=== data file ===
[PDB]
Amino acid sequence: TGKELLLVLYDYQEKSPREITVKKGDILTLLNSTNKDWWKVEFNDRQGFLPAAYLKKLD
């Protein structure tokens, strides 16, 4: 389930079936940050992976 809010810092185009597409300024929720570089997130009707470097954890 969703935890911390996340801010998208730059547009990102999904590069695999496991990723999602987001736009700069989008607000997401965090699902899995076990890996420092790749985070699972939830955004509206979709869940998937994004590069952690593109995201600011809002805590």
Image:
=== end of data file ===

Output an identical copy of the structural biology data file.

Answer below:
[PDB]
Amino acid sequence: TGKELLLVLYDYQEKSPREITVKKGDILTLLNSTNKDWWKVEFNDRQGFLPAAYLKKLD
């Protein structure tokens, strides 16, 4: 389930079936940050992976 809010810092185009597409300024929720570089997130009707470097954890 969703935890911390996340801010998208730059547009990102999904590069695999496991990723999602987001736009700069989008607000997401965090699902899995076990890996420092790749985070699972939830955004509206979709869940998937994004590069952690593109995201600011809002805590």
Image: